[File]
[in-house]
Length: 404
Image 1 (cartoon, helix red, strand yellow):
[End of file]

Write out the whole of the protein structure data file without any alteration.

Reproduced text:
[in-house]
Length: 404
Image 1 (cartoon, helix red, strand yellow):